Temba gives us hope for future

2016-01-14 06:00
 Temba Bavuma of the Proteas during day 4 of the 2nd Test match between South Africa and England at PPC Newlands on January 05, 2016 in Cape Town, South Africa.  PHOTO: Carl Fourie/Gallo Images

Temba Bavuma of the Proteas during day 4 of the 2nd Test match between South Africa and England at PPC Newlands on January 05, 2016 in Cape Town, South Africa. PHOTO: Carl Fourie/Gallo Images

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Former South African fast bowler Makhaya Ntini has heaped praise on Temba Bavuma for becoming the first black African to score a century for the Proteas.

Bavuma made an unbeaten 102 runs on day four of the drawn second Test against England at Newlands earlier this week.

Fast bowler Ntini was the first black African to play Test cricket for the Proteas and all the others since him - Mfuneko Ngam, Monde Zondeki, Lonwabo Tsotsobe and Kagiso Rabada - were all bowlers.

Bavuma is the first black African batsman to shine at the highest level and Ntini believes his century will do wonders for the younger generation.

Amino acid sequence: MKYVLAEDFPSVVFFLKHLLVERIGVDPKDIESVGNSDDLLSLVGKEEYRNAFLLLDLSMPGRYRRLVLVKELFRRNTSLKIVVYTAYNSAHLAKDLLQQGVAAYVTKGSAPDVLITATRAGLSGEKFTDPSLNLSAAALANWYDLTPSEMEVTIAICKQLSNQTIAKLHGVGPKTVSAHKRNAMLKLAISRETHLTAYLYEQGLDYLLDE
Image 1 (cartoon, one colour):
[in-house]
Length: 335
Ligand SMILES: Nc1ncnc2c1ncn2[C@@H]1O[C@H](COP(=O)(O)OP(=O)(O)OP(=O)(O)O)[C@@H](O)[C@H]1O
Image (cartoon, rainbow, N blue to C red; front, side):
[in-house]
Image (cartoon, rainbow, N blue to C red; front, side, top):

“We have always been seen as black cricketers, that we can only be bowlers, not batters,” Ntini told the BBC.

“He has opened that door for the rest of them, to show we are able and capable of playing the game into the highest level, rather than being seen as black people who can only throw the ball...”

Meanwhile national hockey player Lungile Tsolekile, now 31, brother of Proteas wicketkeeper Thami and a member of the SA side at the Beijing Olympics in 2008, wrote on his Facebook page: “Just been thinking about Temba Bavuma hundred; reading about it on every article I could lay my eyes on.

“But the most important thing I heard was a few nine- and 10-year-olds talking about it this morning (yesterday) and arguing ‘what’s his strongest shot?’ and how one (of them) saw him on December 30 in Langa.

“I took time and listened for a good 20 mins and I realised that Temba didn’t just score a TON, that he has given hope and yes, these kids relate, and yes, they will copy him and mimic him.

“If you go to Bennie Street, and corner Washington and Harlem this morning, you would have seen boys and men 10 to 35 years (old) playing cricket.

“That’s how much impact one great moment has ... indeed, history made.”

Bavuma spent much of his youth in Langa and did his junior schooling in his city of birth, Cape Town, before the family switched to Johannesburg.

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